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Homework Help: Various Problems for Precalculus Exam, Unit 2

  1. Jan 11, 2009 #1

    jacksonpeeble

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    1. The problem statement, all variables and given/known data
    9.e. Solve the equation for x: x2*ex+x*ex-ex=0

    19. If logxa=0.578 and logay=1.161, what is the value of logxy?

    26. Use the fact that logb4=x and logb7=y to evaluate logb(64/49).


    2. Relevant equations
    9.e. x2*ex+x*ex-ex=0

    19. logxa=0.578 and logay=1.161

    26. logxa=0.578 and logay=1.161


    3. The attempt at a solution
    9.e. Factored equation so ex(x2+x-1), then plugged into quadratic equation so [tex]\frac{-1+-\sqrt{1^{2}-4*1*-1}}{2*1}[/tex] which equals [tex]\frac{-1+-\sqrt{5}}{2}[/tex]. However, I'm wondering exactly what to do with the initial ex that I factored out - the answer key we were provided with does not include it at all, but I assumed that we would pin it in front of the equation so that our final answer is ex*[tex]\frac{-1+-\sqrt{5}}{2}[/tex].

    19. I remember doing these and that the solution is fairly obvious, I just forget what it is.

    26. Sorry, this is one where I have no idea.
     
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  3. Jan 11, 2009 #2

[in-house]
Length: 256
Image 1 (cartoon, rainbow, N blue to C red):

jgens

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    For the first problem, think zero product property. You've already found two values that will yield a zero. Now, when does e^x equal 0?

    The solution to the second problem can be obtained by noting a = x^0.578 and y = a^1.161

    Assuming the desired answer need be expressed in terms of x and y, use the properties alog(x) = log(x^a), log(a/b) = log(a) - log(b).
     
  4. Jan 11, 2009 #3

    jacksonpeeble

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    Thanks for the reply!

    Ok, so I was fairly accurate with #9.

    For #19, I understand that - from the revised equations, how are we supposed to connect them into a single solution?

    #26 is still up for grabs ;-)
     
  5. Jan 11, 2009 #4

    jgens

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    Yeah, since e^x is never zero, you already had the two solutions.

    For 19 try a simple substitution.

    Alright, 64 = 4^3 and 49 = 7^2. Therefore, log(64) = 3x and log(49) = 2y. Can you take it from there?
     
  6. Jan 11, 2009 #5
    The first one is correct since ex can never be zero. There are 2 solutions.

    2nd one:

    [tex]\frac{log_ay}{log_ax}=log_xy[/tex]

    [tex]\frac{1}{log_ax}=0.578[/tex]

    [tex]log_ax=\frac{1}{0.578}[/tex]

    Now divide [itex]log_ay[/itex] with [itex]log_ax[/itex]

    3nd one:

    [tex]3log_b4=3x[/itex]

    [tex]log_b64=3x[/itex]

    [tex]2log_b7=2y[/itex]

    [tex]log_b49=2y[/itex]

    [tex]log_b(64/49)=log_b64-log_b49[/tex]

    Now just substitute.

    Regards.
     
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